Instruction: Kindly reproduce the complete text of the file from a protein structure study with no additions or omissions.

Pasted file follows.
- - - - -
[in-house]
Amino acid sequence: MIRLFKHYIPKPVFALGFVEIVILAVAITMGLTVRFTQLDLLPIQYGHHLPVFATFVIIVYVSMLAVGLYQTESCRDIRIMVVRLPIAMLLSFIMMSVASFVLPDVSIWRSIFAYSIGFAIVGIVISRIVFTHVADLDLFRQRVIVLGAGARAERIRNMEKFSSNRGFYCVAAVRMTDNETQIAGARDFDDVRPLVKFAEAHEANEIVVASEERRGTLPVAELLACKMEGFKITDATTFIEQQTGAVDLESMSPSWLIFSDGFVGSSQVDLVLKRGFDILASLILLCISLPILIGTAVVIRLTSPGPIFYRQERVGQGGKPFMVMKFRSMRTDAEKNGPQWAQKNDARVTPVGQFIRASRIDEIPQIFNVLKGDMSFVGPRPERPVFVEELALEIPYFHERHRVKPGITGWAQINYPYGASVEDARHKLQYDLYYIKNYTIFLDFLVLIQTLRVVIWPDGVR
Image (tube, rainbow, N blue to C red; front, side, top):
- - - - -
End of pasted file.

[in-house]
Amino acid sequence: MIRLFKHYIPKPVFALGFVEIVILAVAITMGLTVRFTQLDLLPIQYGHHLPVFATFVIIVYVSMLAVGLYQTESCRDIRIMVVRLPIAMLLSFIMMSVASFVLPDVSIWRSIFAYSIGFAIVGIVISRIVFTHVADLDLFRQRVIVLGAGARAERIRNMEKFSSNRGFYCVAAVRMTDNETQIAGARDFDDVRPLVKFAEAHEANEIVVASEERRGTLPVAELLACKMEGFKITDATTFIEQQTGAVDLESMSPSWLIFSDGFVGSSQVDLVLKRGFDILASLILLCISLPILIGTAVVIRLTSPGPIFYRQERVGQGGKPFMVMKFRSMRTDAEKNGPQWAQKNDARVTPVGQFIRASRIDEIPQIFNVLKGDMSFVGPRPERPVFVEELALEIPYFHERHRVKPGITGWAQINYPYGASVEDARHKLQYDLYYIKNYTIFLDFLVLIQTLRVVIWPDGVR
Image (tube, rainbow, N blue to C red; front, side, top):